“Taste this,” says the unusually named Soviet Taludhar, passing me some lettuce leaves.
Eating Nepali salad is normally nerve wracking due to the food poisoning risk – but this time it was a pleasure. All the fruit and vegetables grown on this groundbreaking farm are organic, and this in a country where excessive localized fertilizer and pesticide use is damaging the land.
Taludhar is the head of the farm owned by the Help for Children Beilngries’ home, which supplies all the fresh food eaten by the 39 children and 19 staff. The children are orphans and semi-orphans, mostly from poverty-stricken families in the remotest parts of the country, like Jumla in the far northwest.
With support from its parent donor organization, Nepalhilfe Beilngries of Germany, the home switched to organic farming, which at least doubled the cost of production.
Manager of the children’s home Radhika Singh making a meal on the solar cooker
The farm and children’s home are in Lubhu in Lalitpur district, close to the capital, Kathmandu. They sell the excess food to Kathmandu hotels whose customers are looking for the highest quality produce. The farm’s duck eggs can fetch 110 rupees each ($1.23) – almost half the daily wage of a low-paid manual worker. The produce sold helps to fund the 3,500 sq feet of land used to grow the organic food and help the children’s home.
“Artificial fertilizers and pesticides give you a really nice first crop,” says Taludhar. “But in time the soil gets full of urea – it becomes acidic. When you switch to organic for the first couple of years it is hard, [but] then the soil recovers.” The home is also thinking green when it comes to power: staff use solar cookers to prepare food, and rooftop solar panels heat water and generate electricity.
“The local vegetables were usually mixed with chemicals. It was not good for the children’s health,” says manager of the home Radhika Singh. “If you want good health for children, you have to provide them with healthy food.”
The home uses slurry from its toilets and its chicken farm as an organic compost, while insects and organic pesticide are used to keep parasites at bay.
Kapil Ghaju visits farmland in Madhyapur Thimi.
It’s a very different story a few miles to the north west in Madhyapur Thimi. The vegetable farmers are seeing yields decline each year thanks to excessive use of fertilizers and pesticides – some of them illegal.
Many of the farmers are members of the Upakar Saving and Credit Co-operative, which provides inexpensive kits to check soil quality. Loan officer Kapil Ghaju says, “We need to create awareness of removing chemical fertilizers and pesticides.”
Suraj Nyakaita at his organic farm
The air pollution of the Kathmandu Valley is also affecting the crops. Suraj Nyakaita, 35, a farmer who has just switched to organic methods, says the air now gives spinach and onion leaves brown and black spots.
The declining yields, loss of farmland and increasing population are contributing to inflation in the price of food and more imports from India. There’s also a widespread view amongst the older people that the crops have lost their taste and nutritional value over the years. In addition, the farmers have to work harder to get more from the degraded soil. They labor all year round, planting one crop straight after the next, and for 14 hours a day, seven days a week. Nyakaita says, “We used to have one or two weeks rest between harvesting and planting.”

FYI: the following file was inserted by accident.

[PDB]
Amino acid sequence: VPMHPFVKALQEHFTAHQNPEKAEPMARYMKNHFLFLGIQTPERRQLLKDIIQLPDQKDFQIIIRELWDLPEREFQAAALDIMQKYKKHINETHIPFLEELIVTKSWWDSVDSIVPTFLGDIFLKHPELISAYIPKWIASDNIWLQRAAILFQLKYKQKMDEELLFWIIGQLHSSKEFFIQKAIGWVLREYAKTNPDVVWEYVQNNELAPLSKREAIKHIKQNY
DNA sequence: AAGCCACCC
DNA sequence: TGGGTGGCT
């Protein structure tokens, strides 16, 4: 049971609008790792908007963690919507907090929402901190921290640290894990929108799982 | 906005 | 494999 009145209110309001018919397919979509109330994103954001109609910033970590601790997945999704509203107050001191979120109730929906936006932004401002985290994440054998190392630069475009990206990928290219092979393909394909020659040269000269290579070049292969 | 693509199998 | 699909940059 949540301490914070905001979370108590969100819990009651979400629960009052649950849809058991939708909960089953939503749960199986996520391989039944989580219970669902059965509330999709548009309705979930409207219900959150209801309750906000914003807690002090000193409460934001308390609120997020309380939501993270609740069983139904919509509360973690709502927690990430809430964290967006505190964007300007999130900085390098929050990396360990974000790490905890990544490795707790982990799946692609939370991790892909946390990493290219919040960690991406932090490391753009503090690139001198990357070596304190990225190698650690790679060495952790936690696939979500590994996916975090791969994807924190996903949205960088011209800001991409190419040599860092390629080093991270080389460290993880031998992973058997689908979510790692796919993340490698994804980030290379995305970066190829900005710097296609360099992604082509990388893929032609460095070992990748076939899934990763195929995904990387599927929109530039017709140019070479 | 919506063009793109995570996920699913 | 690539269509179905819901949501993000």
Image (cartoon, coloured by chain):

Hard at work on Suraj Nyakaita’s farm
The use of fertilizers has grown since deregulation, and the government has provided some awareness-raising and training about the problems. The issue is more acute in Nepal’s developed areas: the remote and mountainous areas still use the natural fertilizers they have always used.
Basundhara Sharma is the assistant field manager at the worldwide Mal-Ed health project. Their Nepal base is at Siddhi Memorial Hospital, which provides low-cost or free care to women and children in Bhaktapur. She says the problem of overusing chemicals has been discussed at a policy level, though little research had been done into the effect on nutrition. “There’s an area called Panchkhal in Kavre district where many people are suffering from cancer due to pesticide use,” she adds.
Kathmandu is visible from farmland in Madhyapur Thimi.
A research paper into the issue by Nepali Government specialists says, “Indiscriminate use of agrochemicals has however resulted in several problems such as pests’ resistance to pesticides and resurgence due to elimination of natural enemies, toxic residues in food, water, air and soil, degrading soil environment and ecosystem, animal and human health hazards and ultimate economic losses.”
Soviet Taludhar checks the veg on the organic farm at the children’s home.
However, the organic vegetables and crops generally look the same to the consumer – except the organic versions cost more, making it a hard sell. Without quality assurance schemes and low-cost certifications, organic produce will struggle to compete with its cheaper rival, and access to lucrative foreign markets will be limited.
Nevertheless, the Nepalhilfe Beilngries-supported children’s home believes it will be seen as an example of what can be achieved. Taludhar says, “Now the local farmers are coming to our children’s home for ideas.”